Something’s Wrong in Hong Kong

--Angry Hong Kong protesters are a couple blocks away from my Airbnb window. Their demands? “Release Hong Kong Booksellers Now!

Angry Hong Kong Civilians

More on that, though, in a moment.

As I mentioned in passing yesterday, I’m in the Pearl of the Orient.

The day I arrived, I was told, a wild boar had gotten loose and was terrorizing the financial district.

But after many attempts to catch it with “shields and nets,” according to South China Morning Post (SCMP), a cop shot it with a dart. And now everything’s back to normal.

If, that is, 270 people showing up with their dogs for “doga” — dog yoga — is normal, then, yeah, nothing weird’s happening here.

Hong Kong Civilians with Pets

Given the hustle and bustle of the city, it’s easy to feel as if, in certain areas, you’re walking the streets of New York.

Until, of course, you catch a glimpse of a bumper sticker you can’t seem to decipher (in more ways than one)…

Hong Kong Signs

Or you are forced to sidestep the ubiquitous wildlife…


Or you notice that absolutely everyone has their heads buried in their phones…

Hong Kong Civilians

(Oh, wait. What am I saying? That last one is no different from New York. A city that’s trying to ban walking while texting due to a surge in head-on collisions.)

--All of its quirks aside, Hong Kong has, according to the Heritage Foundation, the freest economy in the world.

And this is the 21st time in a row HK has earned the title.

The Economic Freedom Index 2015

“As the economic and financial gateway to China,” the foundation’s report reads, “and with an efficient regulatory framework, low and simple taxation, and sophisticated capital markets, the territory continues to offer the most convenient platform for international companies doing business on the mainland.”

But, it says, its economic freedom is beginning to wane a bit.

“Although Hong Kong maintains the features of an economically free society, economic decision-making has become somewhat more bureaucratic and politicized, and the government’s administrative scope and reach have expanded.”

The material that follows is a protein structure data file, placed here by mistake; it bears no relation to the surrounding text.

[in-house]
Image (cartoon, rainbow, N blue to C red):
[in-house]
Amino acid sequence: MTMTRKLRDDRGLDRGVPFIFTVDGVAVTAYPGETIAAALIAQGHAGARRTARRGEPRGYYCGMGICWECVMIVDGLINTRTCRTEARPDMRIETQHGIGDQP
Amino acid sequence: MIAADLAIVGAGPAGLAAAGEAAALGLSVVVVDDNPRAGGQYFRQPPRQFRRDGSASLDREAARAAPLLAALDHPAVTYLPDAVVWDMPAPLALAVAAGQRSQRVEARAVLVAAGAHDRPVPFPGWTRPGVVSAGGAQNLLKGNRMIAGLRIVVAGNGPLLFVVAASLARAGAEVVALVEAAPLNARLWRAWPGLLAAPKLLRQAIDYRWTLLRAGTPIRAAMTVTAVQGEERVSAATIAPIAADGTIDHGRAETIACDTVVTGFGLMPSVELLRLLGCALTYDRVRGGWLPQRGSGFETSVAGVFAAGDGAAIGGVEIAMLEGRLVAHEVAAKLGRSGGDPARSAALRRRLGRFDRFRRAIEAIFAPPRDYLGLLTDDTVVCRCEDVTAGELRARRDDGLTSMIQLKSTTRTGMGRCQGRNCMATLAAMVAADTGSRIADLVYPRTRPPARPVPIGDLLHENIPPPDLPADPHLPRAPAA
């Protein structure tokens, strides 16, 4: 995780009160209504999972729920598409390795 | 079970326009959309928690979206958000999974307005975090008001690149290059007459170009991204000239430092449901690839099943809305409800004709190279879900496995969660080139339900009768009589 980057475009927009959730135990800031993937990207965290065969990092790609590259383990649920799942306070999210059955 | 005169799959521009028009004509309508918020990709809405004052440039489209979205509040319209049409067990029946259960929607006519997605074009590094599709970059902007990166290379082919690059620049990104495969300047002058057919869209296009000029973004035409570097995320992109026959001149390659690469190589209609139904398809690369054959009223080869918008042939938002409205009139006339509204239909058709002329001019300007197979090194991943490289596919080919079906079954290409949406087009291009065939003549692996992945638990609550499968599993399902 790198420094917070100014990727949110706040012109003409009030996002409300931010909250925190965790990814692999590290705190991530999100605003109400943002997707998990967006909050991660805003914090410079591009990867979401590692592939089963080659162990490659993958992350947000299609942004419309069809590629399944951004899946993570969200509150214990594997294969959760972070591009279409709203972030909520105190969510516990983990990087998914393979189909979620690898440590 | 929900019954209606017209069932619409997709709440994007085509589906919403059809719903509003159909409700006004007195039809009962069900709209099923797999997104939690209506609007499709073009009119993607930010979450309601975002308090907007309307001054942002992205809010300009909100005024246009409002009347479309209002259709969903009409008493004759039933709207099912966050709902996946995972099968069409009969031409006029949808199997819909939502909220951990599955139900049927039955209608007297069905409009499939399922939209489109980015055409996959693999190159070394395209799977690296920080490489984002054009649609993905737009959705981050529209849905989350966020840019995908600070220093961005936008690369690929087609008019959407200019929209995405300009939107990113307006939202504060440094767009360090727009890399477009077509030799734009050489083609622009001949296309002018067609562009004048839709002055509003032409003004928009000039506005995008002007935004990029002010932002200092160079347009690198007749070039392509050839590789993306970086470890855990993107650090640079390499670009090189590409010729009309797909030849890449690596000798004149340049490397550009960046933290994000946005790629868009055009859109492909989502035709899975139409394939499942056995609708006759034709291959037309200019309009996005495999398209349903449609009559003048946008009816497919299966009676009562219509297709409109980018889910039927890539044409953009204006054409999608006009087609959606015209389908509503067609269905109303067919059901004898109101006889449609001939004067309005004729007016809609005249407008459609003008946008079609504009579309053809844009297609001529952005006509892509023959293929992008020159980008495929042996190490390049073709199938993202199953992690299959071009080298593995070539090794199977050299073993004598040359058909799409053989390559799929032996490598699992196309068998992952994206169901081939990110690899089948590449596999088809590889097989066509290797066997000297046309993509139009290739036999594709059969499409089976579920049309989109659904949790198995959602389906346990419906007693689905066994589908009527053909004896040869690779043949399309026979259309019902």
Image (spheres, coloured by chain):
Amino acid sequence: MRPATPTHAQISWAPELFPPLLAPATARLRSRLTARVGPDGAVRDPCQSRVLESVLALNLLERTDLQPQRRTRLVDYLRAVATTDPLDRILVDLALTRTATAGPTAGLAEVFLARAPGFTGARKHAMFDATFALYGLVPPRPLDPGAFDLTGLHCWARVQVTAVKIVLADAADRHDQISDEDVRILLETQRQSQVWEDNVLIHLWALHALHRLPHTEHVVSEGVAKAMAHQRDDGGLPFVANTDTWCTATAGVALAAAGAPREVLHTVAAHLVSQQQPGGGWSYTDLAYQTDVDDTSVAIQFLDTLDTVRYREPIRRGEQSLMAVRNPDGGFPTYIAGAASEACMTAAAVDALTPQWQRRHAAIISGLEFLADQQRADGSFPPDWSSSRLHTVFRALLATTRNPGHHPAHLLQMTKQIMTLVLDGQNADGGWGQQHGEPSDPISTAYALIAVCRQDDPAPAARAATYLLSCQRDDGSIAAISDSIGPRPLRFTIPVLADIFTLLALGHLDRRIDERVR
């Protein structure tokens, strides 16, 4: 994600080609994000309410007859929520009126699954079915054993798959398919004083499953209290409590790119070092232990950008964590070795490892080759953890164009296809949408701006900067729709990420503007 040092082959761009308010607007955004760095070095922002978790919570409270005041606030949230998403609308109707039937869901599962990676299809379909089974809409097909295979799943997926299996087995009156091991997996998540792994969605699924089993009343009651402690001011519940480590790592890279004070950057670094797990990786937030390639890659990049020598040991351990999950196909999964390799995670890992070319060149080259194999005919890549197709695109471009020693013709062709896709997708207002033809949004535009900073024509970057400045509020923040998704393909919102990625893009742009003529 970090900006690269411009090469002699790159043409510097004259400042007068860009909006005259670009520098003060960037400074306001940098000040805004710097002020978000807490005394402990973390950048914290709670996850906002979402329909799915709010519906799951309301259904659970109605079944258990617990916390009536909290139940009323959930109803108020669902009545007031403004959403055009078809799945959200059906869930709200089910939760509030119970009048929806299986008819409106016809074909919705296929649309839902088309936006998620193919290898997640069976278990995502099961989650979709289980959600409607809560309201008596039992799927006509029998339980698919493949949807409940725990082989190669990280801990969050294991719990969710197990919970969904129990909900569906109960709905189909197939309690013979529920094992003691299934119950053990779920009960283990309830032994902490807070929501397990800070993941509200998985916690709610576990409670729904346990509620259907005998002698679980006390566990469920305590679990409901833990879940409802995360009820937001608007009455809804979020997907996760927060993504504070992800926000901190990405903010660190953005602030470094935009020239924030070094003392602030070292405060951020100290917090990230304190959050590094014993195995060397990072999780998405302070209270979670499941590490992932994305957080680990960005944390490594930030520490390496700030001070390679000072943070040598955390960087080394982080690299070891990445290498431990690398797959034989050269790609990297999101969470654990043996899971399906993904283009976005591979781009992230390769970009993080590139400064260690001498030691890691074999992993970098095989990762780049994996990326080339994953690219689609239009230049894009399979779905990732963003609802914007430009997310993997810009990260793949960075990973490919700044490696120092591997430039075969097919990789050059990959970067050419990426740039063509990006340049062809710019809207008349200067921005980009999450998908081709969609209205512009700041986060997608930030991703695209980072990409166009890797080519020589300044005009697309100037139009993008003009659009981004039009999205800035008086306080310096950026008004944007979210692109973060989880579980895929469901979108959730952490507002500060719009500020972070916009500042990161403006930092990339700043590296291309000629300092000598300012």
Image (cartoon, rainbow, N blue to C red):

Many Hong Kongers blame this on China’s recent tightening of the reins.

As you know, Britain handed HK to China in 1997. As an assurance to the people of Hong Kong, the Chinese Communist Party (CCP) promised to allow the country to retain its autonomy. But many Hong Kongers, you may not be surprised to hear, say the CCP has failed to stay true to its promise.

--The latest example is why angry protesters were posted up only blocks away from where I’m holed up. And it has to do with the shrinking freedom of the press in Hong Kong.

While everyone here knows there are very few publishing houses not owned by Chinese interests, few have seen outright censoring of locally-owned houses. Even if they are incredibly critical of the CCP.

In mainland China, in contrast, it’s quite common that critics of the CCP disappear overnight. But in Hong Kong, the CCP’s critics have been, as far as anyone can see on the surface, allowed to speak freely.

Beyond the purview of the average onlooker, though, China has been slowly, quietly and methodically chipping away at Hong Kong’s freedom to say what it pleases for years.

Until now. Now, it seems, it’s becoming a bit more blatant in its methodology.

Here’s the quick-and-dirty…

Near where I’m staying, a bookstore called Causeway Bay Books has been shut down. Not directly, though. Curiously, everyone who used to work there has gone missing.

The bookstore, I’m told, carried mostly gossipy books about President Xi Jinping and the embarrassingly incompetent inner-workings of CCP. The books, says one Hong Konger, sold like hotcakes to mainland tourists who were thirsty for dirt on their seemingly-omnipotent rulers. In the mainland, you can imagine, with their squeaky scrubbed newsreels, such grime is difficult to detect.

One bookseller, named Gui Min, disappeared last year for three months while visiting Thailand. Now he’s resurfaced in a bizarre confession video where he’s claiming he turned himself into Chinese authorities for a drunk driving accident that happened over a decade ago. (This video might seem plausible if it weren’t for all of his colleagues going AWOL at the same time. Probably not, though.)

Shortly after Min disappeared, three of his colleagues went missing while visiting the mainland. And another bookseller was abducted while running errands close to his home in Hong Kong.

Coincidentally (we’re sure), at around the same time of the first kidnapping, bookstores all over the country began pulling books banned in China off the shelves. Something that’s never happened before.